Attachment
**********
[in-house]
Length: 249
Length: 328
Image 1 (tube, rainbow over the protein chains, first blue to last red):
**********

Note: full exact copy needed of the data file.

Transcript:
[in-house]
Length: 249
Length: 328
Image 1 (tube, rainbow over the protein chains, first blue to last red):